Forgetfulness is not just one of things a human can chock up to the elder years. Yes, we forget things, but somethings slip through the cracks because I am too busy being bitter. As Pete and I turned into our long driveway through the woods he said "Yes, I'm going to the high school graduation next week end." A very important young man we met four years ago will be graduating.

"That's nice," I said and I meant it. I felt that subtle and powerful shift. There was room for something.

"That's my theme," Pete said. I wasn't sure what he meant by that.

"I am trying to be a nice person that way I don't have to worry about being paranoid delusional," he's been running into that a lot. Pete is one of the people my astrologer Elsa P. wrote about in a recent post. Pete is one of those folks with Gemini at birth (Natal position) at 14 degrees. Tomorrow's New Moon at 14 degrees will give him, and others in his tribe, a break.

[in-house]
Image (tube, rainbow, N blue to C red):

As for the other mutable signs, they might feel a bit jealous of Gemini at this time.  That's too bad; 14 Gemini has had a tough year with Saturn and Neptune bearing down.  It's about time they were dealt an ace. - ElsaElsa Free Newsletter
Where is the New Moon in your natal chart, got a theme to latch to?